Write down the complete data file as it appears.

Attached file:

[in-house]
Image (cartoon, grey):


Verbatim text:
[in-house]
Image (cartoon, grey):